“To tour the Georges Bridges gardens personally conducted by Mrs. Bridges is to glimpse faraway places and ancient civilizations,” the article reads. “Walks, walls, individual plots and vistas are arranged with dynamic symmetry, which pleases the eye subconsciously.” Many of garden blooms came from the Bridges’ travels, and Eleanor introduced some azaleas to Alabama for the first time. “She said she hid (the seeds) in her bustle since you weren’t supposed to bring them back,” Diana says.
The house’s natural amphitheater also hosted garden performances of theatrical groups including Birmingham Little Theatre, an organization that provided foundations that led to present-day Virginia Samford Theatre—just one sign of how the Bridges’ legacy lives on decades later. “Her spirit and his spirit are still in the garden,” Diana says. “We can feel them. We are always thinking about them down in the living room dancing together.”
Although the Hansens’ passion for caring for the property has never wavered, its ownership was transferred in 2004 when Diana’s family was in need of money for her father’s medical care for his Alzheimer’s disease. She and Eric sold the home to developer Pat O’Sullivan with an agreement that they could continue to rent it back from them and live there month-to-month with 60 days’ notice if they ever needed to vacate.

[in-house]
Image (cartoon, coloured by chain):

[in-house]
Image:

Last year O’Sullivan received approval from the Homewood Planning Commission to tear down the house and build five new homes in its place, and following that news the Homewood Historic Preservation Commission, which is associated with the city of Homewood, and the independent Homewood Historical Preservation Society have sought to preserve the building and most recently help find a buyer who could save and restore it.